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Your New Year's Eve Safety Checklist

SATURDAY, Dec. 30, 2023 (HealthDay News) — Millions of revelers hit the road after New Year's Eve celebrations and the inevitability of impaired drivers make the holiday one of the nation's deadliest.

High blood-alcohol levels are a factor in more than 50% of crashes on New Year's Day, the American Safety Council warns. Law enforcement officers will be on alert, with checkpoints and roadblocks in many places to check drivers for signs of driving while intoxicated or drugged.

If you'll be ringing in 2024 away from home, the council offers these tips to stay safe:

  • Plan ahead: Arrange for a designated driver, shuttle service or hotel stay before you go out. Consider using public transportation or cabs to and from your destination so you don't have to park in an unfamiliar place. SoberRides.org has a mobile site with options for a safe trip home. 

  • Walk wise: New Year's Day is also the year's most hazardous for pedestrians. If you are walking, stay on pedestrian paths and try to remain in well-lit areas. Cross only at crosswalks. If you're driving, watch carefully for those on foot.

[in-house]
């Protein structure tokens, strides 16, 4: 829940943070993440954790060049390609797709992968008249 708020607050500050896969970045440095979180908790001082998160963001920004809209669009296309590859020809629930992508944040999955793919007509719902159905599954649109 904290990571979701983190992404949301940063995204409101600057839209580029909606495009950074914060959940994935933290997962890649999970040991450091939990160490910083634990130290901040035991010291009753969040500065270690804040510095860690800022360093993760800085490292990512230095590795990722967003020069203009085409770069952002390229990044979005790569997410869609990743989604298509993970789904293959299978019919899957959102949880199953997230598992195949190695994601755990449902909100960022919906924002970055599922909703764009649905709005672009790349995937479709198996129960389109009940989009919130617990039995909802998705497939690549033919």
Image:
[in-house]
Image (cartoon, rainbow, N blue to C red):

• Host safely: Consider having a designated driver ready to take guests home if needed. Offer guests non-alcoholic drinks and plenty of water. Serve alcoholic and non-alcoholic beverages in different colored cups, and dump those that are unattended so kids and pets don't consume them. Provide food and snacks -- but avoid salty ones, which encourage people to drink more. Stop serving alcohol hours before the party is to end. Be ready to offer guests a place to stay if needed -- even a blanket on the floor will keep them safe.The council also addressed other safety considerations:

  • Champagne: Chilling champagne to at least 45 degrees Fahrenheit will make the cork less likely to pop. Place a towel over the top of the bottle and hold the bottle at a 45 degree angle, pointing it away from yourself or others when it's time to open.

  • Fireworks: Check local laws. Fireworks may be illegal. If they're allowed, keep a bucket of water or hose nearby. Light fireworks one at a time and then move back. Never try to relight a dud; douse them and spent fireworks with water before discarding. Supervise kids and pets and never point or toss fireworks at another person. 

  • Guns: It was once tradition in some cultures to shoot handguns into the air. This is not only illegal, but falling bullets can be deadly. Keep firearms safely locked at this time.

More information

Washington & Lee University has tips for safe partying.

SOURCE: American Safety Council, news release, 2023

What This Means for You

Planning ahead will help you enjoy a safe start to the new year.

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